In 1990, Bugs Bunny magazine reported that Warner Bros. was planning the release of How I Spent My Vacation, then referred to as a "Tiny Toon Adventures home video". Plans for the film began before Tiny Toon Adventures premiered on television. Warner Bros. discussed with executive producer Steven Spielberg whether the film should be released in theaters, but Spielberg insisted on a direct-to-video release. Spielberg said that he wanted to make the film a direct-to-video release because "animated features are ideally suited for the repeat viewing," a factor he found important to the genre's appeal to those watching animated films at home. In an interview for the Los Angeles Times, executive in charge of production Jean MacCurdy did not specify the budget of the film, but stated that it was far more costly than episodes of Tiny Toon Adventures. According to Hal Erickson's Television Cartoon Shows: an Illustrated Encyclopedia, the budget of the average Tiny Toon Adventures episode was approximately $350,000.
How I Spent My Vacation was written by series writers Paul Dini, Nicholas Hollander, Tom Ruegger, and Sherri Stoner. Ruegger also produced the film, and Steven Spielberg was the executive producer. The film was animated by Tokyo Movie Shinsha, a Japanese studio. The film had eight directors: Rich Aarons, Ken Boyer, Kent Butterworth, Barry Caldwell, Alfred Gimeno, Arthur Leonardi, Byron Vaughns, and Aoyama Hiroshi. The film is about 79 minutes long.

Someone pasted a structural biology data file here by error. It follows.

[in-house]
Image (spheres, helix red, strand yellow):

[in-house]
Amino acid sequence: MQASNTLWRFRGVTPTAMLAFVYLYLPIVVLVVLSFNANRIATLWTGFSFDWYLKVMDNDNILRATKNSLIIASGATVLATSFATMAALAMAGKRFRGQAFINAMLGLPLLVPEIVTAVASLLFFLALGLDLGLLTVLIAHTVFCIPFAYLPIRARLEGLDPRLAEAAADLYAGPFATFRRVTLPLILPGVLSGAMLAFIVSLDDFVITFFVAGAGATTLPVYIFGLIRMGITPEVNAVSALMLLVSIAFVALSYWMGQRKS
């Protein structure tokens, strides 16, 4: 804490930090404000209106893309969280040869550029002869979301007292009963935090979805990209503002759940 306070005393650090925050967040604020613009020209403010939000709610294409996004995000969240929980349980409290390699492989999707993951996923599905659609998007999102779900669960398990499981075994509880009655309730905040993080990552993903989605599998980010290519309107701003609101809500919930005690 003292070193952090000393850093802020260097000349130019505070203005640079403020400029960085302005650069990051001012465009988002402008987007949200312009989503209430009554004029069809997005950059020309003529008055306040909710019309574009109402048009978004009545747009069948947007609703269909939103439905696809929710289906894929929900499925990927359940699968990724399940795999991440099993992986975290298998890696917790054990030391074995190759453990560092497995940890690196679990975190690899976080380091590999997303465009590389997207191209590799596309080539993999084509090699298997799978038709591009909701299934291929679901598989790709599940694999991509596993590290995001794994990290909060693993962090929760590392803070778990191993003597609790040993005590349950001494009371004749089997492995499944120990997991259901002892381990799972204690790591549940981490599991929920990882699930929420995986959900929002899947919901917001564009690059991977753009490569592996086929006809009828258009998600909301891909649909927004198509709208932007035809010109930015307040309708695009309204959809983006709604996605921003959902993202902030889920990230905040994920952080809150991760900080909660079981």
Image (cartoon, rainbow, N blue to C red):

One of the main hallmarks of How I Spent My Vacation was the parody of film, popular culture, and celebrities. Videos for Kids noted that the film makes fun of "California culture and youth" with the use of celebrity caricatures, such as those of Roseanne Barr, Johnny Carson, Arsenio Hall, David Letterman, Jay Leno, Oprah Winfrey, and Sylvester Stallone. The film makes fun of other cartoon characters, such as those of Superman, The Simpsons, Teenage Mutant Ninja Turtles, Who Framed Roger Rabbit, The Ren & Stimpy Show, Beavis and Butthead, and The Little Mermaid. Babs and Buster's travels down the river are a parody of the film Deliverance.
Jean MacCurdy said that How I Spent My Vacation makes fun of summer vacations by mocking "the boredom of summer and some of those horrible car trips" (an issue that was first explored in National Lampoon's Vacation). In the film, Hamton's family's car trip is very taxing for Plucky Duck; he is disgusted by the family and is nearly killed by an escaped lunatic that the family mistakes for a hitchhiker (he happens to be a caricature of Jason Voorhees). The film's fictional theme park, "HappyWorldLand", is a spoof of Disneyland. The film also parodies the THX logo and its corresponding Deep Note by parodying the original 1988 “Cimarron” trailer, when Fowlmouth and Shirley are at the movie theater.